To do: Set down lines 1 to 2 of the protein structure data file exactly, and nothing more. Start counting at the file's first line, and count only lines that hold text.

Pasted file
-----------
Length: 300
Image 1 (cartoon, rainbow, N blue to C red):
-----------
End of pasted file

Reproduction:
Length: 300
Image 1 (cartoon, rainbow, N blue to C red):